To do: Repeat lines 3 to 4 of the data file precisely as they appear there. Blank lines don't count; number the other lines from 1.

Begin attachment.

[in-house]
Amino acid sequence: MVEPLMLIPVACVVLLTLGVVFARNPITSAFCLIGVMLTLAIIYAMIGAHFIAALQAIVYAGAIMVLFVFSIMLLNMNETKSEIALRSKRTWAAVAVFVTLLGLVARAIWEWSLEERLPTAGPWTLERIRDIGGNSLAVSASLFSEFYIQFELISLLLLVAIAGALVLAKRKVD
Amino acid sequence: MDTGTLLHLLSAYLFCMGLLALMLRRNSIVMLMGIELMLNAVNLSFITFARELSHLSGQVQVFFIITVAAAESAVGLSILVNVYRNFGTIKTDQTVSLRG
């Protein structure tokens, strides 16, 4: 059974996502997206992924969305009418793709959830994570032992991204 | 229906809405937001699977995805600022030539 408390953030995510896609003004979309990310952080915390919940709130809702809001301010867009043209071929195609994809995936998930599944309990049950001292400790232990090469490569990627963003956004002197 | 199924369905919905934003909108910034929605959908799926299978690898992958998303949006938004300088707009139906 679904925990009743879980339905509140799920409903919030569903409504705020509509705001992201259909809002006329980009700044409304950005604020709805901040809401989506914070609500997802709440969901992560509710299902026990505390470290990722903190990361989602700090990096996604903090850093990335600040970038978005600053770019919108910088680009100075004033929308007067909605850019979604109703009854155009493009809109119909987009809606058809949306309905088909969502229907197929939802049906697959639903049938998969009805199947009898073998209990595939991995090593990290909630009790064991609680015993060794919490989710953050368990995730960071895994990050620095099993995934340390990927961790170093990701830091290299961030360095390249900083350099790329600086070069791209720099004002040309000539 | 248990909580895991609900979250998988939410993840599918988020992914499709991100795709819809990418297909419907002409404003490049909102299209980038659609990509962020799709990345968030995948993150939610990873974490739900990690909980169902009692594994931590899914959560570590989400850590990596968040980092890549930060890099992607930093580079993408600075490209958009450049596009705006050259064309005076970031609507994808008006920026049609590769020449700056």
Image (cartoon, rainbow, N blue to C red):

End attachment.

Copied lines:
Amino acid sequence: MDTGTLLHLLSAYLFCMGLLALMLRRNSIVMLMGIELMLNAVNLSFITFARELSHLSGQVQVFFIITVAAAESAVGLSILVNVYRNFGTIKTDQTVSLRG
């Protein structure tokens, strides 16, 4: 059974996502997206992924969305009418793709959830994570032992991204 | 229906809405937001699977995805600022030539 408390953030995510896609003004979309990310952080915390919940709130809702809001301010867009043209071929195609994809995936998930599944309990049950001292400790232990090469490569990627963003956004002197 | 199924369905919905934003909108910034929605959908799926299978690898992958998303949006938004300088707009139906 679904925990009743879980339905509140799920409903919030569903409504705020509509705001992201259909809002006329980009700044409304950005604020709805901040809401989506914070609500997802709440969901992560509710299902026990505390470290990722903190990361989602700090990096996604903090850093990335600040970038978005600053770019919108910088680009100075004033929308007067909605850019979604109703009854155009493009809109119909987009809606058809949306309905088909969502229907197929939802049906697959639903049938998969009805199947009898073998209990595939991995090593990290909630009790064991609680015993060794919490989710953050368990995730960071895994990050620095099993995934340390990927961790170093990701830091290299961030360095390249900083350099790329600086070069791209720099004002040309000539 | 248990909580895991609900979250998988939410993840599918988020992914499709991100795709819809990418297909419907002409404003490049909102299209980038659609990509962020799709990345968030995948993150939610990873974490739900990690909980169902009692594994931590899914959560570590989400850590990596968040980092890549930060890099992607930093580079993408600075490209958009450049596009705006050259064309005076970031609507994808008006920026049609590769020449700056």